Re-thinking Reentry

Re-thinking Reentry
Recent Study Confirms that Cognitive Behavioral Intervention Works to Reduce Recidivism
Written by Lama Hassoun, Researcher at the Harlem Community Justice Center

Over the last 10 years, many research studies have looked at how effective Cognitive-Behavioral Therapy (CBT) programs are and their impact on those who participate.

In 2007, a comprehensive research study attempted to provide a fuller picture of the effectiveness of CBT programs with offenders and the difference between the different kinds of brand name CBT programs .

The study confirmed the findings of previous studies, showing that offenders who received CBT were 1.53 times less likely to recidivate when compared to offenders who did not receive CBT. Statistically, this is considered to be a significant difference.

The researchers also looked at the differences between the different “brand” name CBT programs. They found NO difference between them and concluded that the general CBT approach is responsible for the overall positive effect on recidivism. They found that including distinct anger control problems and interpersonal problem solving components really enhanced the effects of CBT.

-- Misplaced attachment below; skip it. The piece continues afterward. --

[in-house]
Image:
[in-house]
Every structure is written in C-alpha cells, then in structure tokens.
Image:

High quality implementation of CBT was found to have a strong impact on the chance of recidivism of the offenders. High quality implementation was defined as low rates of people dropping out of the CBT program, close monitoring of quality and fidelity of the treatment implementation, and adequate CBT training for the providers.

It is also VERY encouraging that the effects of CBT were greater for offenders with higher risk of recidivism than those with lower risk, which contradicts any assumptions that high risk offenders might be less willing to undergo treatment.

Interestingly, offenders treated in prison showed recidivism decreases comparable to those offenders treated in the community (probation, parole, or transitional aftercare). Researchers also found that CBT was as effective for juveniles as it was for adults.

All in all, this study is very promising for providers in their attempts to assist offenders in reintegrating in their communities. CBT has been proven to be effective, time and time again.

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